Like the festival's inspiration, Hamish Henderson, Warner's parents went out into the field across the Atlantic to record singers who had songs passed down through their families and having inherited the fruits of this research, Warner presents a rich tapestry of American life, many facets of which have all but disappeared.
His is a scholarly presentation, with dates and locations included in his introductions as a matter of course, yet there's nothing academic about his performance. This is a man who knows his stuff and shares his enthusiasm for his topic as easily and naturally as he does the choruses that have helped workers get through the days, weeks and in some cases, winters of toil.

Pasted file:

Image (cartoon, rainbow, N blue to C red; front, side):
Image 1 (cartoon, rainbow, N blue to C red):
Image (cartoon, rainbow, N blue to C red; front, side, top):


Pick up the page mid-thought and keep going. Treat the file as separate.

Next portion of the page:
It's a travelogue as well as entertainment, with stopovers in Cornwall as well as Carolina and speculation as to whether songs originated over here and emigrated there or vice versa. Accompanying himself with concertina, guitar and the wonderful, undemonstrative momentum of his frailing banjo style, Warner sings with genuine warmth and great authority and adds a terrific sense of fun as he sings Jay Ungar's agreeably daft Chicken song and introduces his dancing friend, a small wooden figure whose dance steps beat an intricate tattoo on a plank of wood.
Witty recitations, a peanut vendor's sales pitch and even Polly Wolly Doodle, complete with virtuoso bones accompaniment, all contributed to a night of superbly rendered folk music-cum-social history.